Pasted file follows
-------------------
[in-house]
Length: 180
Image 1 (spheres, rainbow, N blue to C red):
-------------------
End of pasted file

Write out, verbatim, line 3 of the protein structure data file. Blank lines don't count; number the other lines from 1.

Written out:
Image 1 (spheres, rainbow, N blue to C red):